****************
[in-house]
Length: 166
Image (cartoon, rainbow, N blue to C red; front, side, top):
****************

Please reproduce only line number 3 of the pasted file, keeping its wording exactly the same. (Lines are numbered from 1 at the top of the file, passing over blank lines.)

Image (cartoon, rainbow, N blue to C red; front, side, top):